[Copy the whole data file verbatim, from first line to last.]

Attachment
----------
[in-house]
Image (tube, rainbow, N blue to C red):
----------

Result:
[in-house]
Image (tube, rainbow, N blue to C red):